New York Asian Film Festival co-programmer Samuel Jamier has a tendency to describe films as “interesting,” and he will sometimes say the word five times in half as many minutes when introducing them. He didn’t describe Nowhere Girl as interesting, which is a shame, because “interesting” is the best possible word he could have used to describe it. Instead, he said it was “really weird” (also accurate), featured a “badass girl” (hard to disagree there), and involved the military in some way (yep). This is the man best known for directing the Ghost in the Shell anime, and that shows through in the film, to the extent where the film’s final sequences yearned for a 2D aesthetic.
A friend of mine walked out of the screening. He was planning on it so he could catch an earlier train, but he left before he needed to. He sent me a text, “Just go home. It sucks.” I didn’t have my phone on, but even if I had, I wouldn’t have left. Its very particular aesthetic had an alluring quality, and I had my suspicions about what the entire thing was trying to represent. I wanted to see if I was right.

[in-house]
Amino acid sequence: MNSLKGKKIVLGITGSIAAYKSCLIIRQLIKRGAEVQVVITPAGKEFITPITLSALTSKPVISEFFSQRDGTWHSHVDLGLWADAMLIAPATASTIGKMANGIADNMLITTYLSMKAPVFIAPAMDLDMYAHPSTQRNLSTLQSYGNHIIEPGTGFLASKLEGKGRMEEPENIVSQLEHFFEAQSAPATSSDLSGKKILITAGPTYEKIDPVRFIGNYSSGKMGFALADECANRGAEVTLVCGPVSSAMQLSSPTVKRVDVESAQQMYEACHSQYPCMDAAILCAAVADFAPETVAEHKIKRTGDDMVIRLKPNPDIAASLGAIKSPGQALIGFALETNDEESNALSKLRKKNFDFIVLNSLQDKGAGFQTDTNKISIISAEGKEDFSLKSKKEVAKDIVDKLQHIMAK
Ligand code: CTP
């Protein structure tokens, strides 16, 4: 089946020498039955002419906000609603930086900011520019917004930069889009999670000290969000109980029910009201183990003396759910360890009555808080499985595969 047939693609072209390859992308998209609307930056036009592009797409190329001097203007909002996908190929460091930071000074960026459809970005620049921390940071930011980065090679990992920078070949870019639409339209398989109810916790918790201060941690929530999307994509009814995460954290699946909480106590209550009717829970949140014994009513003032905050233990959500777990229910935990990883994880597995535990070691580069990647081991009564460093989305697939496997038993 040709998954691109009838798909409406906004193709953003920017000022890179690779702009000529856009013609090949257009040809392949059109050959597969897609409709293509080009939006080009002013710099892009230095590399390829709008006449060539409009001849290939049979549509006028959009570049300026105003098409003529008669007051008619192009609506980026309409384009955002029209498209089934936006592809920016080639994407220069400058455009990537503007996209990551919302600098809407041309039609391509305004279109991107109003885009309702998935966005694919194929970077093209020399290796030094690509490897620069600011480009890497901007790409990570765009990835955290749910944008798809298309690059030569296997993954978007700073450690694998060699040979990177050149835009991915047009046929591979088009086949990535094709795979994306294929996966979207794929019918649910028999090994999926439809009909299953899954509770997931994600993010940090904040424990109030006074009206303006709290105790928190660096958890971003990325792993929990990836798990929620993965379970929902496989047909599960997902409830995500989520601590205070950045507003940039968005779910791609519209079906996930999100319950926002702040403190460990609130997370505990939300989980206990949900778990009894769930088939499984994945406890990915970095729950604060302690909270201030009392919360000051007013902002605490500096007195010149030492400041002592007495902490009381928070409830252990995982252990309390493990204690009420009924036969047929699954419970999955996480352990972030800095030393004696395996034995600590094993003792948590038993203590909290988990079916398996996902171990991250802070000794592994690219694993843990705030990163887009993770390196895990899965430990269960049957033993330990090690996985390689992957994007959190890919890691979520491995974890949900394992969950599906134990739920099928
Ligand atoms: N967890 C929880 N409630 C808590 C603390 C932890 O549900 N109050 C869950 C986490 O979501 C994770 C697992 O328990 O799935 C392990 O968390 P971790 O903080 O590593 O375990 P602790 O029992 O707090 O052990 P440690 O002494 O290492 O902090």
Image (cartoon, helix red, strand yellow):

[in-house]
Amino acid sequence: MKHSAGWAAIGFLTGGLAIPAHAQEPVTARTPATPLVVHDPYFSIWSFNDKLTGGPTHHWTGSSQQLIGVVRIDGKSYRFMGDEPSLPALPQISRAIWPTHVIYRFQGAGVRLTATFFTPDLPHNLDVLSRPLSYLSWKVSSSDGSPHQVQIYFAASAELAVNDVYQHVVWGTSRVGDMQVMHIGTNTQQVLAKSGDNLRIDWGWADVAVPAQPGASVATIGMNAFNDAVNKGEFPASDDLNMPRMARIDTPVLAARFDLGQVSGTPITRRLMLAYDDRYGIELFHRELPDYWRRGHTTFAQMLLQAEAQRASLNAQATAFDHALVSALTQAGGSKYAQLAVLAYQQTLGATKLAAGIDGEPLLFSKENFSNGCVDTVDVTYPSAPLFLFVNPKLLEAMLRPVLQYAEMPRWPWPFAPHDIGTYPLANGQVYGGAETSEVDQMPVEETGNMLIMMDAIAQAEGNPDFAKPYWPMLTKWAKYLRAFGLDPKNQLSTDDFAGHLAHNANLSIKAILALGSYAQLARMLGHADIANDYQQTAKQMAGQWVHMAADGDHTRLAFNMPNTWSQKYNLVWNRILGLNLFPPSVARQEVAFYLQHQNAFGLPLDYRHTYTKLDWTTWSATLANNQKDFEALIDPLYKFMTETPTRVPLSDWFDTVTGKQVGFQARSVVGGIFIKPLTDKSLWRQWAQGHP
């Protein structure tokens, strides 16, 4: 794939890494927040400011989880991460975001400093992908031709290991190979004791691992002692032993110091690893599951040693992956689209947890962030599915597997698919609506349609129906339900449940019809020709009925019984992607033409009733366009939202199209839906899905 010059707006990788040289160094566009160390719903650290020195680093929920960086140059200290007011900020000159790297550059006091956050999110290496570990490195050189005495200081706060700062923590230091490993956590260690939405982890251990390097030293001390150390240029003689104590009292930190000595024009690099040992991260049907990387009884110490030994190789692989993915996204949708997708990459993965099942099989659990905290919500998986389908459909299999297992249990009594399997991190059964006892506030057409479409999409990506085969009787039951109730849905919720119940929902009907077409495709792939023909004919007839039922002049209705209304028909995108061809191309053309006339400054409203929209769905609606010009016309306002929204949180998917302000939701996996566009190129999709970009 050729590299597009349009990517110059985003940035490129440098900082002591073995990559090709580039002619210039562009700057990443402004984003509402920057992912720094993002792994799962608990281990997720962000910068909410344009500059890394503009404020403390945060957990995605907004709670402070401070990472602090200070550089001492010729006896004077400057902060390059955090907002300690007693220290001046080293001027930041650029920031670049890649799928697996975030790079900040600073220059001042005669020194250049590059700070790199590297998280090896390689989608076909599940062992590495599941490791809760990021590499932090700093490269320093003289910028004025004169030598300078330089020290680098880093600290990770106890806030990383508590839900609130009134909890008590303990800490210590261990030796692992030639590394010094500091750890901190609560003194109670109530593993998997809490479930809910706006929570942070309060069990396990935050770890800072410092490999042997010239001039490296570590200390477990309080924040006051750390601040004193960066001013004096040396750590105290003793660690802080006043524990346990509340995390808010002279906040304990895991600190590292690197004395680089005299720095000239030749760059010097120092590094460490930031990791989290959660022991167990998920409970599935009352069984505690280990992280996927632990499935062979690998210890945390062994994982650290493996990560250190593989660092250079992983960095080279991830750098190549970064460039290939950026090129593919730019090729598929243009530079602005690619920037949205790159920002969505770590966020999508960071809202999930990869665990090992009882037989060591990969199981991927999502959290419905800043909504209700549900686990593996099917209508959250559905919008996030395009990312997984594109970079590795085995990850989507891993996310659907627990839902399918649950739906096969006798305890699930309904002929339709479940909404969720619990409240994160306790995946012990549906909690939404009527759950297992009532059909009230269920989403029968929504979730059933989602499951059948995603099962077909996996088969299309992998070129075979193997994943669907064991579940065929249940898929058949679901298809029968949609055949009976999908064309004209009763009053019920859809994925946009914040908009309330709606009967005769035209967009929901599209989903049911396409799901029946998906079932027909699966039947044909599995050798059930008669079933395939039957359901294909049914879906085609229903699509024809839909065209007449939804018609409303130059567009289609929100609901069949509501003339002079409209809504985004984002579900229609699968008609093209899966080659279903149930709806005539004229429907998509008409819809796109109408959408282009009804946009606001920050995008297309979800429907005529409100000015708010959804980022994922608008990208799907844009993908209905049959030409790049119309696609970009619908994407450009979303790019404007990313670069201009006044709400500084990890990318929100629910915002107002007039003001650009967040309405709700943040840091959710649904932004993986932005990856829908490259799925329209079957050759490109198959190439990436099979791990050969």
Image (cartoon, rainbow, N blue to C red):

I was, and that’s a good thing. Usually I’m looking for films to subvert my expectations, but here a subversion here would have undermined the impact of a film that is ultimately about a character’s fractured psyche. This is a film that delves into the mind of a young woman broken by post-traumatic stress disorder, and it shows both how she is affected and how the people around her treat her. And when things turn—in a fascinating action sequence that is further evidence that the Japanese film industry needs to have an intervention over its use of CG blood splatters—it fits with everything the film had built up to. It’s a film clearly held back by a low budget and/or a terrible VFX team, and I can’t help but think that it would be been better as an anime, but that doesn’t mean that it wasn’t a success.
Nowhere Girl (Tōkyō Mukokuseki Shōjo | 東京無国籍少女)
Director: Mamoru Oshii